Close to 100 Prince George residents were displaced by an apartment fire earlier this month. No cause has been determined, but some have expressed concerns about how the building was maintained. CBC contacted the Residential Tenancy Branch
about the building, and in an email they replied:
"· The Residential Tenancy Act requires landlords maintain a rental property in a state that is suitable for occupancy - and meets all health, safety and building standards required by law. · However, the province has no jurisdiction to force property owners to fix-up their buildings - that responsibility lies with local government.
· Municipalities establish standards of maintenance that are enforced through the local government's own by-law enforcement procedures.
· We can't comment on who applied to RTB, but we can tell you that a dispute was heard and RTB ordered repairs to be made to the building and provided monetary compensation to the tenant applicant.
· There was no further application, so we don't know if the landlord complied with the repairs. Again, enforcement of safety codes is the responsibility of local by-law enforcement officers."
Earlier this week, Daybreak spoke with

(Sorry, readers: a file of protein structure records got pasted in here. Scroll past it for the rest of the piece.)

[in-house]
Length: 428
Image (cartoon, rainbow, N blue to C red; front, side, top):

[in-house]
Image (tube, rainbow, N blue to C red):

Tom Durning of the Tenant Resource and Advisory Centre. That organization strongly encourages municipalities
to have a Standards of Maintenance Bylaw to help make sure landlords keep their buildings in good repair. From their site
"Municipal Standards of Maintenance (SoM) Bylaws allow local government
to force landlords to keep their rental buildings in good repair.
Although not all municipalities have SoM bylaws, TRAC strongly
encourages all municipalities to not only pass these bylaws but strictly
Prince George, however, has no such bylaw. Murry Krause is a city councillor who's been looking into this issue. He says while there is a need to provide renters, especially those with low-incomes, with safe and secure rental units, there's no silver bullet to fix the problem. He joined Betsy Trumpener in studio: